My Spine Ain’t the Bass Line

The Ex
27 Passports

The co-ordinates of Netherlanders The Ex always seemed to be found at the intersection of Crass and Sonic Youth. The fiery independence/manning the barricades mentality of the former meeting the avant guitar thuggist tendencies of the latter. However, while the first comparison still holds plenty of water, the devil-may-care spirit where wayward tunings and screwdrivers jammed between neck and string of Thurston and company were worked out of their collective system many moons ago. Meanwhile, The Ex’s near hyperactivity continued unabated. In the last eight years for example, interspersed between numerous gigs/festival appearances there’s been a pair of elpees with ‘Ethiopian Legend’ Getachew Mekuria, a number of split singles with like-minded coves and one improv platter with Brass Unbound (with Messrs Vandermark (K) and Gustafsson (M).

And now, following on from 2010’s studio album Catch my Shoe comes 27 Passports. Like its leather-uppered predecessor, the bass guitar slot still remains vacant. The six-string threesome of Andy Moor, Terie Hessels and Arnold de Boer compensate magnificently with the rumbling bottom end substituted by a fully interlocking mesh of noise fug, dischordancy and glorious Fallesque repetition (ah!). When faced with a prospect such as this, most batteurs around town would’ve gone for the power over sublety option, but Katherina Bornefeld’s rolling ‘n’ tumbling drumwerk comes as a breath of fresh air and a touch or two of the Mitch Mitchells can only be a good thing, right? With 27‘s opening broadside, “Soon all cities”, the group takes it in turns to wear the trout mask. That lolloping, shifting Beefheartian rhythm underpinning an urgent missive concerning the homogenization of your (and everyone else’s) back yard. “Soon all cities will have the same restaurants…roundabouts…governments…accidents…” warns voxist Arnold de Boer. Heartfelt for certain, but it’s a message delivered a little too late for most of us in the west.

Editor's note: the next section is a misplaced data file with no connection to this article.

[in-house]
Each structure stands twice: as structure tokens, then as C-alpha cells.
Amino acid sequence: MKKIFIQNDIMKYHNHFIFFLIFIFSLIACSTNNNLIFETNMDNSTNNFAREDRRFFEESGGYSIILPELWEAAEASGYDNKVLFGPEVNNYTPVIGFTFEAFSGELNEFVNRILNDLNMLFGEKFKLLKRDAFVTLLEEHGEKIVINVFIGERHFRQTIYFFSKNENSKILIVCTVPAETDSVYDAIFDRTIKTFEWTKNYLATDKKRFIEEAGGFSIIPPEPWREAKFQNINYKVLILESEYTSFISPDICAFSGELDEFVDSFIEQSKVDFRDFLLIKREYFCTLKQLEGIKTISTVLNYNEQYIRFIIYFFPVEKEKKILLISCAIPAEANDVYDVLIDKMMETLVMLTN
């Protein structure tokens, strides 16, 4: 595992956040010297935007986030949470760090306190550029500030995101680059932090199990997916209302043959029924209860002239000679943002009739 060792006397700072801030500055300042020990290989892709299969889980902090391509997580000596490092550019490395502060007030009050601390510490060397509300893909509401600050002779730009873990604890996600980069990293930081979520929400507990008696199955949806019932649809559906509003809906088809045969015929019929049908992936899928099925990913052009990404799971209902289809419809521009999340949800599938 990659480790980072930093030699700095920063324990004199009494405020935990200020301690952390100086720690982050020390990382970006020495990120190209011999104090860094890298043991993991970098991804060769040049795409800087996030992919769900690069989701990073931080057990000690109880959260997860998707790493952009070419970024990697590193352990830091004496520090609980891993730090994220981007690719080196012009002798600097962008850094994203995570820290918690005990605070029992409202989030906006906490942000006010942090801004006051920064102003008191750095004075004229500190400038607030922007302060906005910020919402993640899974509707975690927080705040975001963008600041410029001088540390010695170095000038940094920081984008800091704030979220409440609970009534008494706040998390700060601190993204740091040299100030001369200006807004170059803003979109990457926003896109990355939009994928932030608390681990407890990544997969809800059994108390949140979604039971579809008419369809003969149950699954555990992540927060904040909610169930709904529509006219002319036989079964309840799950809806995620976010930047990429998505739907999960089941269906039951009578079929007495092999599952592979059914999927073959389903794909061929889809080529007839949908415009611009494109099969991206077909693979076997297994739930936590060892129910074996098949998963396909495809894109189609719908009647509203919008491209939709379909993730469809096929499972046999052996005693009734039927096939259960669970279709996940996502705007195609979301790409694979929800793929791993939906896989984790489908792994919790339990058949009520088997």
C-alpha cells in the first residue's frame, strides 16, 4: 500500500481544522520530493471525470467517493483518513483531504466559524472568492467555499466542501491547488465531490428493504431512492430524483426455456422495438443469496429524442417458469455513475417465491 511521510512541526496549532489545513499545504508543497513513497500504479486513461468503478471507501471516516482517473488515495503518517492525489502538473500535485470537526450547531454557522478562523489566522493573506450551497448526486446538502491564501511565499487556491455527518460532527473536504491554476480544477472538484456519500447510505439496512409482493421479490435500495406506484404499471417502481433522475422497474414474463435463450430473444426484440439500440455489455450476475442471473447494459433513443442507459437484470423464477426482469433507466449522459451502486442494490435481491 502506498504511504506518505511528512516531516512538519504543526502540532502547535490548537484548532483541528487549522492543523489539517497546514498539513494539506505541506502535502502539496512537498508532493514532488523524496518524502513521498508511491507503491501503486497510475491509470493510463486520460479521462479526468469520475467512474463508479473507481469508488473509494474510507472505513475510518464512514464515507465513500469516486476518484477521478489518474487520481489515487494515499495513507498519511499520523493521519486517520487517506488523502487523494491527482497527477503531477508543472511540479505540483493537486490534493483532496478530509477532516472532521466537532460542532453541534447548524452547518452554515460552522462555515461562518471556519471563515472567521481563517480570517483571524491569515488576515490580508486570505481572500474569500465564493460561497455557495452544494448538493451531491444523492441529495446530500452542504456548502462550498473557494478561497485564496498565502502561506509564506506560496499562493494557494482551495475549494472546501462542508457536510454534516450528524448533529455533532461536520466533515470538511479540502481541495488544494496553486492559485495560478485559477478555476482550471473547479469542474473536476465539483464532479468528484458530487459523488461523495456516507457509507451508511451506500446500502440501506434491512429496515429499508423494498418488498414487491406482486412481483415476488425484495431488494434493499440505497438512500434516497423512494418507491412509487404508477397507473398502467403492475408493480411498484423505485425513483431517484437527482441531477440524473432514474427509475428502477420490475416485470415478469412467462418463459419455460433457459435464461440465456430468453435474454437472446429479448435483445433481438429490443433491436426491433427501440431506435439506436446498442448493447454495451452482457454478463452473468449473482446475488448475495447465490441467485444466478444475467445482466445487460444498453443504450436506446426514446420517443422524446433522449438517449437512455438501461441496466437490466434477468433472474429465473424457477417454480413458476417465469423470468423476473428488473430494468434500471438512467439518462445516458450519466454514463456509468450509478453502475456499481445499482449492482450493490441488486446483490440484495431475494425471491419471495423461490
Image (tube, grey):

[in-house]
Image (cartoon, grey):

“The Heart Conductor” and “Birth” have sparkling, and attractive top end guitar signatures that leave a distinctive African aftertaste while the stunning “Four Million Tulip Bulbs” details a historical phenomenon that originated a whole lot closer to home. Cross-referencing past events with modern everyman experience being a major facet of all things Ex. It’s a number that compares info about the Netherlands’ ‘Tulip Mania’ of the mid-seventeenth century (where newly introduced tulip bulbs achieved stratospheric prices) with the vocalist’s brief assembly-line helljob in a vast tulip warehouse. A closing line like “It’s the worst job I have ever had!!” taking on the same desperate edge as the halo of electricity surrounding it…

After umpteen releases plus, these father figures to all Dutch agit-propsters (Grrr, Trespassers W, Eton Crop, De Kift, etc etc) come out of the other end with yet another dreadnought that’s seemingly impervious to goofs and pratfalls… just what is The Ex’s secret??